The water snake is a surly, non-poisonous medium-sized brown reptile with dark bands that is usually found in or around water. They often are seen sunning in logjams and other woody areas along creek banks and shorelines. They also lounge around in low-hanging branches as I discovered to my horror a year ago at Shirley Springs Nature Preserve near Bloomington when 10 of the reptiles simultaneously dropped en masse from branches as I sauntered up to the shoreline of the large swamp at the preserve.

I’m “better” about snakes but that incident nearly cost me a brand new pair of undergarments and a hefty water pollution-related fine.

Anyway, the water snake also varies in color from light brown to nearly black. In these various shades, it does sometimes resemble the northern copperhead and even the dreaded water moccasin. Therefore, whenever people see a heavy-bodied black snake sunning along a creek, it is obviously a water moccasin.

Except that it isn’t, unless you happen to be in one of two locations along the Ohio River in southern Indian but don’t worry, I’ve made the same erroneous assumption.

Likewise, it isn’t a copperhead because they are typically found in dry, rocky upland areas, especially around sunny outcrops and old buildings. Copperheads have been reliably reported as far north as Turkey Run State Park though there could be a few holdouts in southern Montgomery County along Sugar Creek.

Indiana’s least-known poisonous snake, the massasauga rattlesnake, is highly endangered and only lives in a few protected swamps in the northern tier of counties. The massasauga is a small, non-aggressive aquatic snake that feeds primarily on insects, frogs and turtles. At a northern Indiana farm pond owned by a friend of mine, I watched in fascinated awe as several of these tiny rattlers pluck big green dragonflies out of the air.  I was in awe mostly because I was sitting inside a vehicle.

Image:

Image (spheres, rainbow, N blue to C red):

Indiana’s other poisonous snake, the timber rattler, is also endangered and quite rare. They are found in similar habitat to copperheads but only in a thin strip of upland hills south from the Morgan-Monroe county lines. These are a heavy beige snake with obvious rattles so there is no problem with identification.

In a nutshell, if you’re hiking or wading anywhere between I-74 and the town of Rochester, you’re not going to encounter any poisonous snakes.

None. Zilch. Nada.

Sorry.

SHARE
Brent Wheat

A well-known and award-winning writer/photographer/radio & television talent/speaker/web-designer/media spokesperson/shooting instructor/elected official/retired police officer/bourbon connoisseur/cigar aficionado/backpacker/hunter/fisherman/gardener/preparedness guru/musician/and jack-of-all-trades-but-master-of-none, Brent Wheat is the editor and publisher of WildIndiana.com

1 COMMENT

  1. Historical records indicate there were a lot of rattlesnakes in Montgomery and Fountain county which based on the size would have been timber rattlers. Wiki indicates that their historical range did not come this far north but there was one account talking about the number of rattlers just east of Shades state park and another of a large den near Wallace.

LEAVE A REPLY